The second SSD should enter in the slot in angle as show by the next pictures. To finish fixing it you just need to push it down and tighten the screw that come with it in the thread.

    [​IMG] [​IMG]

    6. How to make windows recognize your new SSD.

    Back on windows again, you have to activate the SSD in order to have it working. Drive your pointer to the bottom left corner of the computer and when you see the start icon right click and select "Disk Management".

    [​IMG]

    A message will pop up saying:

    "You must initialze this disk before the logical disk management can access it"

    Choose GPT and click OK.

    An unallocated partion will appear below your current disk. Right-click it and choose "new simple volume...", click next again .

    Unless you prefer to make several partitions, choose the whole available volume, press next again.

    Choose a letter for your drive, click next

    Choose NTFS (unless you prefer otherwise), default allocation file, quick format, and you can choose file compress if you don't plan to access from other operating systems. Click next.

    Click finish.

    [​IMG]
     

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  2. Ashade

    Ashade Newbie

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    Reserved in case of future updates...
     
  3. NinjaNoodles

    NinjaNoodles Notebook Evangelist

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    Great work! Thanks!
     
  4. Ashade

    Ashade Newbie

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    Glad you like it. I know it´s easy, but I just wanted to give a introduction to "do it yourself" to some people that usually wouldn´t do it. :)
     
  5. Rick 64D

    Rick 64D Notebook Consultant

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    Is the mSATA socket a SATA II or SATA III?
     
  6. NinjaNoodles

    NinjaNoodles Notebook Evangelist

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    I've completed the upgrade. I want to make sure I got all the clips (the metal ones) back in right. Would it be obvious if I'd made a mistake? I can't tell if it's uneven or if I'm just imagining it.

    Update: I reinstalled the new keyboard (I had ordered a replacement because of a defective space bar) and this time, I kept pressure on the home row of keys as I slid it into place. The new keyboard now seems to have LESS bounce than the original, leading me to believe that the clips may not have been properly engaged during the factory installation. I would recommend this technique.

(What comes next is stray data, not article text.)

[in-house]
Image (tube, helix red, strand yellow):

Also, my new keyboard came with adhesive attached. I specifically asked for the adhesive to be included, however, it appears that the adhesive is just there to begin with (it's covered by clear backing, and kind of hard to see). Anyone installing a new keyboard should keep this in mind.

    Thanks again!
     
  7. usmrdoc

    usmrdoc Newbie

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    Great tutorial, thanks. I followed it word by word and upgraded my yoga today (8gb, 256ssd). Upgrading memory was easy but adding 2nd ssd is not so. It was not trivial removing the bezel. I'd say proceed with caution to those who are like me, never done anything similar.
     
  8. r0c

    r0c Notebook Consultant

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    great tutorial. What is the maximum memory the yoga can handle ?
     
  9. JesterP

    JesterP Newbie

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    I just received a Yoga 13 after waiting almost 6 weeks. 8GB/256GB unit. Nice little machine.

    I just purchased a second 256GB from Crucial to go in the second slot. To keep things simple (for my wife), I would like to combine the two drives into one volume using disk spanning. To accomplish this, I understand that I need to convert the basic disk that already exists into a dynamic one. My question:

    Will this harm or affect my stock drive or Windows 8 installation?

    Thank you for the awesome guide!
     
  10. pepper_john

    pepper_john Notebook Deity

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    I believe 8 GB.